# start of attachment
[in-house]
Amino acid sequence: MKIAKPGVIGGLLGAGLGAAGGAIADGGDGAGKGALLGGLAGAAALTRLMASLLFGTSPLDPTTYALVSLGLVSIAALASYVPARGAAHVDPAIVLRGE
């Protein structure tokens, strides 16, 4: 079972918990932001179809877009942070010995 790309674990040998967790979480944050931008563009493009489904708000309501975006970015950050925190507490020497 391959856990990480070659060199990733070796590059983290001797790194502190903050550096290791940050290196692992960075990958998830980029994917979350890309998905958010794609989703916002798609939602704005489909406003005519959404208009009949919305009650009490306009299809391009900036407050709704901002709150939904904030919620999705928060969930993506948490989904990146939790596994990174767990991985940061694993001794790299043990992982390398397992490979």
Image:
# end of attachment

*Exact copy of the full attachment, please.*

[in-house]
Amino acid sequence: MKIAKPGVIGGLLGAGLGAAGGAIADGGDGAGKGALLGGLAGAAALTRLMASLLFGTSPLDPTTYALVSLGLVSIAALASYVPARGAAHVDPAIVLRGE
């Protein structure tokens, strides 16, 4: 079972918990932001179809877009942070010995 790309674990040998967790979480944050931008563009493009489904708000309501975006970015950050925190507490020497 391959856990990480070659060199990733070796590059983290001797790194502190903050550096290791940050290196692992960075990958998830980029994917979350890309998905958010794609989703916002798609939602704005489909406003005519959404208009009949919305009650009490306009299809391009900036407050709704901002709150939904904030919620999705928060969930993506948490989904990146939790596994990174767990991985940061694993001794790299043990992982390398397992490979």
Image: